The UK government has said it is boosting support to help Somali refugees in Kenya return to livelihoods at home.
A new £20 million support will help ensure Somali refugees who want to return home and have the support and livelihoods to ensure their safety and long-term resettlement in Somalia.
In her first address to the UN General Assembly in New York, UK Prime Minister Theresa May acknowledged the challenges facing refugees and host countries while reiterating her government commitment to global humanitarian assistance.
“Across the world today, there are 65 million people who have been forcibly displaced. That it is equivalent to the entire population of the United Kingdom. It is an unprecedented figure, one that has almost doubled in a decade. And yet UN appeals are underfunded; host countries are not getting enough support; and refugees are not getting the aid, education and economic opportunities they need. We must do more. And as the second largest bi-lateral provider of assistance, the UK remains fully committed to playing a leading role.”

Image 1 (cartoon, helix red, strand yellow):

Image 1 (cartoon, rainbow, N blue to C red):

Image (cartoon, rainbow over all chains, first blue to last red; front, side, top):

More than 12000 Somali refugees have already benefited from UK supported United Nations High Commissioner for Refugees (UNHCR voluntary return to their home country in 2016.
Speaking after the announcement by Teresa May at UNGA, British Charge d’Affaires to Somalia Andrew Allen said his country will ensure the funding will go directlyin helping Somali refugees returning from Dadaab refugee camps in Kenya.
“The UK has long supported Somalia and Kenya as it provides refuge to those fleeing conflict and hunger and this new funding will go directly to helping Somali refugees returning voluntarily from Dadaab, in a way which is safe, dignified, and allows them to build a better future for themselves and their families in line with international law.”